Re: [SKOS] on ISSUE-36, ISSUE-39, ISSUE-47 mapping and concept scheme provenance and (was Re: [SKOS] central issues)

Hi Jon,

Before answering in detail, a point concerning the discussion we had 
during the teleconf. It seems to me that your objection in this 
discussion is mainly about using skos:broader between concepts from 
different CS, not about having concepts in multiple concept scheme.

> I think it's important to consider the value of the SKOS mapping 
> vocabulary [3] in all of this. Mapping doesn't infer or require the 
> assertion of explicit semantic properties and doesn't require 
> endorsement by a Concept or CS owner. [1]

I'm puzzled by this: mapping to me does result in semantic links between 
concepts. Hence my proposal to use existing semantic links for it. 
Furthermore, provenance is important for mappings: usually I will like 
to know the source of the mapping before taking it for granted. (and 
indeed I think you're amongst the ones responsible for the raising of 
ISSUE-47 on mapping provenance ;-) (

> So it allows the assertion of relationships while maintaining the 
> intellectual integrity of the related Concepts.
> It seems to me that it might be a useful resolution to some of this to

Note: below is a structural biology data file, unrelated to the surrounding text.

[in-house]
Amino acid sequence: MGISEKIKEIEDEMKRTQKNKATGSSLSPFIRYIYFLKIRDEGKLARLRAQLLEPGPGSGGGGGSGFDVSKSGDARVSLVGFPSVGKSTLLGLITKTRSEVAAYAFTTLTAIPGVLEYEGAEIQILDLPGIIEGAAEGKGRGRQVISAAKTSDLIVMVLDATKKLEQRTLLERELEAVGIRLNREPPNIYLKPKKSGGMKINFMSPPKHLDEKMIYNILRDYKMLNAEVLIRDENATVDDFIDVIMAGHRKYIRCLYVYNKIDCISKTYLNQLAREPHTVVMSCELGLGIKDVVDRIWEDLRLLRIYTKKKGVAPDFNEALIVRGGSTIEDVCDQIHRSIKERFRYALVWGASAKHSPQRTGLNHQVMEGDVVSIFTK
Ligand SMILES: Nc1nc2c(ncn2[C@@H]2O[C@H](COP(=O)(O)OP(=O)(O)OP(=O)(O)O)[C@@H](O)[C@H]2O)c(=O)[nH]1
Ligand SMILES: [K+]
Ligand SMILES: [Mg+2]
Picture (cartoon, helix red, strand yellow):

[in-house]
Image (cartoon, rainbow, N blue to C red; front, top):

> dust off the SKOS mapping vocabulary and think about how that might be 
> extended to allow inter-Scheme Concept semantic relations to be 
> defined without requiring the assertion of those relationships as 
> Concept properties.

By concept properties do you mean SKOS core semantic relationship?

>>>> Yes, good to sort this out. As a general rule I would like to adopt 
>>>> that we follow the principle of least ontological commitment, 
>>>> unless we have clear eveidence to the contrary. So, in this case, 
>>>> if we have no hard pro's and con's for allowing skos:Concepts to be 
>>>> part of ultiple schemes, we should refrain from specifying the 
>>>> constraint. For the broader-narrower term there is actually a 
>>>> strong reason in favor of not limiting it to concepts within one 
>>>> scheme - see the the mappping stuff Antoine mentions.
>>>> Guus